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Identifying Your Agency's Vulnerabilities

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  • 1. IDENTIFYING YOUR AGENCYS VULNERABILITIESAnnie Searle, Principal, ASA Risk ConsultantsEmergency Management Cyber Security SummitApril 30, 2013www.anniesearle.comTwitter = @anniesearle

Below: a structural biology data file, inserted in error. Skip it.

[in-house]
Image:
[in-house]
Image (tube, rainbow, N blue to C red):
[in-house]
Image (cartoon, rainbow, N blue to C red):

2. Operational Vulnerabilities = Risks An operational risk assessment will show you where gapsmay have opened up in your existing programs People human error, failure to follow procedures Process no procedure or bad procedures Systems breakdown of automated processes, especiallyin technology infrastructure External Mother Nature, critical dependencies on othersectors, vendors Its this operational risk lens that allows you to enactchange in your programs and fine tune procedures.2Copyright ASA 2013 3. Types of operational risk People Internal fraud External fraud Legal/liability losses Processes Processing errors Noncompliance Inappropriate businesspractices Systems Systems Failures Security breaches Continuity of operations External Events Natural disasters Cyber and bio threats Geopolitical events3Copyright ASA 2013 4. Detecting risk early * Dont Rely upon historic data to predict future events Dont focus on narrow measures of risk assuming (forinstance) that daily measures always apply Dont overlook knowable risks not making correlation Find hidden risks sometimes deliberate, sometimesunconscious Improve your communication higher you go, the lesstechnical you must sound Do manage in real time rapid change on market riskswith fluctuations in the market*Rene M. Stultz, Six Ways CompaniesMismanage Risk, March 2009 Harvard Business Review article 2012 Copyright Annie Searle & Associates LLC 4 5. Recent Studies on Risk Strategy New Protiviti study sponsored by COSO surveyed morethan 200 directors. Nearly 2/3 of directors reported that board oversight ormonitoring is ad hoc or not done at all. New PWC study suggests rethinking risk strategy in lightof nontraditional riskssocial media, digitaltechnology, competition from global markets, global talentdemands. ImpactFactor study: Half of those surveyed spent$50,000 or less annually to audit and assess suppliers.80% indicated they manage the primary vendor only. Few companies have a program in place to extendthrough multiple layers of suppliers and subcontractors.Copyright ASA 2013 5 6. Can you identify the risk beforecontracting with a vendor? Most deficiencies need to be fixed. What is the cost of outsourcing the risk versus the cost ofmitigating the risk before you outsource? Risk management must be proactive especially when acompany is in an arena where flags are up mergers andacquisitions. My former company is a good example of inheritingvendor risk through acquisitions. To keep goodemployees, applications and contractors were often keptas well. Rather than integrate platforms for homeloans, up to 12 systems were running at a single point intime, off old contracts. 7. Vendors, IP and IT * --Risks are not all with large vendors Intellectual Property Theft: Contract janitor steals customer account information from hardcopy documents lying out on desks, and uses it to obtain creditcards in customers names. Accounts drained of over $200,000. Contractor stole and sold trade secret drawings marked fordestruction. Loss estimated at $100 million. IT Sabotage: Security guard allowed unauthorized access to data center from anexpired ID carried by a manager, who unplugged cameras andstole tapes with records of 80,000 employees. Contract programmer tricked janitor into unlocking an office wherehe downloaded sensitive source code onto removable media totake to his new boss, a competitor.* Carnegie Mellon CERT study on insider threats 2012 Copyright Annie Searle & Associates LLC 7 8. Manage Risk First Via the ContractPeople Require backgroundchecks scaled insophistication to criticalityof business processesyou are giving thevendor, but be mindful ofcontract janitors as well.Process Bind the vendor in thecontract on all compliance-related issues. Identify in contract the timeframe in which you expectvendors attention. Trap for potential worst casescenarios and for additionallayers of subcontractors.(more) 2012 Copyright Annie Searle & Associates LLC 8 9. Manage Risk First Via the ContractSystems Require proof ofadditional layers ofsecurity and redundancythat vendor has in place. Consider geopoliticallocation if data centersare involved. If using cloud, then howwill you audit them? Insist upon site visits withaudit to critical vendors.External Events Closely review businesscontinuity plans using anhazards incident andvulnerability assessment(HIVA). Find critical gaps in bothyour own and vendorsplans based on increasedglobal complexity fortransactions processing. 2012 Copyright Annie Searle & Associates LLC 9 10. Close the gaps Distinguish common disruptions from unusual ones. Build partnerships utilize the ISACS within criticalinfrastructure sectors to share information. Join InfraGard.Participate in PNWER exercises. Stay current on pending regulation/legislation that may affectyour program. Ensure that your business lines can report issues/suspiciousactivity. Track all disruptions. Look for patterns or repetition Speedy detection will result in a more rapid response Containment and recovery includes preparing customers, monitoringand managing social media as well as traditional media. Ask for funds to close the gaps once you have identified issues thatcan be solved only with money. 2012 Copyright Annie Searle & Associates LLC 10 11. Re-examine big picture What could a disruptive event look like? What are the potential business impacts? What are the competitive impacts? What are the upstream and downstream impacts on thevalue chain? What is the level of readiness and resilience of Company Suppliers Distributors Customers Wider resilience can mean a higher market ratings, with arating premium up to 20%. 2012 Copyright Annie Searle & Associates LLC 11 12. Writing a persuasive recommendation Your technical staff may have prepared the most exhaustiveanalysis possible Edit/revise it to eliminate acronyms, overly-technical terms Attach this analysis to your executive summary Assume that your CEO will not read the whole document Create a one page summary with all information required tomake the decision/fund your project Must be written in English, not acronyms Consider related information the CEO may have Newspaper reports, evening news stories Social media chatter, stories on Huffington Post, etc. Professional meetings, regulator briefing 13. Format of executive summary Background information High level description of problem in your particular industry Current situation Steps already taken by your company Gaps that remain Risk exposure Likelihood and probability of impacts if nothing is done At minimum requirements to prevent financial loss Optimum solution Action requested Cost and timeline for minimum response Cost and timeline for optimum solution 14. CYBER RISK ASSESSMENTMary Gardner, Information Security OfficerEmergency Management Cyber Security SummitApril 30, [email protected] 15. Definitions Risk A probability or threat of damage caused by external or internalvulnerabilities. May be avoided through preemptive action. Vulnerability A flaw or weakness in system securityprocedures, design, implementation, or internal controls that couldbe exercised (accidentally triggered or intentionally exploited) andresult in a security breach or a violation of the systems securitypolicy.1 Threat natural or manmade occurrence, individual, entity, or action thathas or indicates the potential to harmlife, information, operations, the environment, and/or property. 21 Nist 800-302 DHS Risk Lexicon 16. Why? Work Smarter not Harder Identify and Prioritize High Risk Vulnerabilities Prioritize Work Based on Risk and Effort Reduce Likelihood of Breach Regulatory Requirements for Notification $200.00 per Record for Notification Inform Incident Response Identification of Vulnerabilities Can Assist Incident ResponseTeams 17. How? Determine Scope What are our IT Assets Which are the Most Important Where do they reside? Classify the Assets Which will Cause the Most Harm if Compromised Identify Threats and Vulnerabilities Assess Risk of Threats Exploiting Vulnerabilities Identify Steps to Mitigate Management may choose to accept or transfer risk rather thanMitigate 18. Identifying Threats People Insiders Third Parties Software Malware Spyware Natural Disaster Flooding, earthquake, storms Disease Power Outages 19. People Insiders Public Porn FTP Site Running on Corporate Server (USB hard drive) stolen from the vehicle of a DHHS employee 3rd Parties Hackers Advanced Persistent Threats Stuxnet 20. People How to Assess Insiders Define Risk Appetite Background Checks 3rd Party Insider Risk Assessment 3rd Parties Research Understand your Business Model Intellectual Property Business Advantage Controversial Products or Practices Vendors Onsite Risk Assessment 3rd Party Assessment 21. Vulnerabilities Network Configuration Remote Access Wireless Software Input Validation Authentication / Authorization Configuration/Deployment Vendor All of the Above 22. Identifying Vulnerabilities Vulnerability Scanning Penetration Testing Social Engineering Assessments Threat Awareness/Monitoring 23. Vulnerability Scanning Multiple Tools and Services Qualys, Nessus, Rapid7 Most focus on Network Scans Generate Lots of Data False Positives Low Risk Issues Process Is Key Baseline Knowledge Change Management Customized Reporting Risk if Exploit Cost and Effort to Mitigate 24. Penetration Testing Requires Expertise Can be Expensive Generally Outsourced Makes an Impact on Management Easy to Communicate Value Better Buy In on Remediation View of Security Posture Identify Design and Application Flaws Combine with Social Engineering 25. Managing a Penetration Test Define Scope What is the Targ